Three Cornered/Few Flowered Garlic

It is definitely wild garlic season in the UK but so far I haven’t found where it grows in the wild locally to me so have been looking at the various garlic pesto recipes popping up on blogs with a deal of envy.

However, walking to a friend’s house for a shared Pilates class this morning I caught a glimpse of white flowers along the footpath behind her house, which runs through a slightly wooded area.

It wasn’t the true wild garlic or ransoms (allium ursinum) I had been looking for but instead was the milder three cornered garlic ( allium triquetrum), and similar few flowered leek ( slightly different flower shape) , growing along with some bluebells.

Three Cornered Garlic, Allium Triquetrum
Three Cornered Garlic, Allium Triquetrum

This is equally edible but has a milder, sweeter flavour meaning that you can use the leaves raw in salads as well as in cooking. You can also eat the flowers.

You can recognise it by the triangular leaves. The white bell shaped flowers have a small green stripe down each petal. As another check, smell the leaves to be sure they smell of garlic.

I wasn’t really prepared for this bit of ad-hoc foraging so only had a cloth bag and was wearing particularly unsuitable white trainers, especially as it was raining, but went back to collect a small amount after the class. Not enough to make pesto I fear as I was trying reach far into the verge to avoid the ones dogs were most likely to have weed on whilst also trying to avoid picking the bluebell leaves which look fairly similar ( but were much larger), and avoid getting too wet and muddy. But now I know where to go when better equipped. My friends also gave me some tips on where I might find ransoms in the area.

Three cornered garlic, and bluebells
Three cornered garlic, and bluebells

I also came back with a delicious homemade courgette and pine nut cake my friend had baked with a glut of courgettes from her veggie box – will definitely be getting the recipe for that.

I am not going to repeat a recipe for garlic pesto as I have seen several on other blogs recently, most recently this one from Gypsy Soul who also features a monthly Thrifty Thursday blog link up which I have joined a couple of times.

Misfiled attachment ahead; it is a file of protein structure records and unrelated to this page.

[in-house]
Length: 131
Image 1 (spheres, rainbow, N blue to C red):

I think the quantity I collected will be ideal for adding to a risotto.

What’s your favourite way of using wild garlic, whichever variety?

You can now follow me on Twitter or Facebook using the links at the top of the page. I have a board on foraging on Pinterest


BYO Cup – are we preaching to the converted?

Bring your own stainless steel mug
Bring your own stainless steel mug


I don’t generally have a coffee on my journey to work.  But the other day there was still coffee in the cafetiere and no time left, so I poured it into my stainless steel cup which falls somewhere between a “coffee to go” cup and a Thermos, and took it with me.  By the time I was sat on the train about an hour later it was still piping hot.

Maybe it was because I happened to be drinking a coffee that day that I took more notice of the others on the train, because I had not particularly noticed before.  In just one carriage, and it was not particularly busy, I counted 20 people sipping cups of tea or coffee.  Now given all the recent media coverage, Hugh’s War on Waste campaign and even articles in the Metro I was reading on the train that morning, you might think awareness of the coffee cup waste issue would be up a bit. So how many do you think had their drink in a reusable cup or flask?

Me.  Just me.

So it made me think.  Is the message actually getting out there?  And if it is, why don’t people care?  Are those of us trying to reduce our waste just sharing our disgust at the rubbish produced amongst ourselves? Are we preaching to the converted?

I truly hope not, and that little by little, the number of people thinking about such issues is increasing.   I was certainly not expecting to see no disposable cups, but 19 out of 20, now that really is rubbish.


An estimated 2.5 million paper cups are thrown away in the UK each year – that’s almost 5,000 a minute.  Less than 1% are recycled. (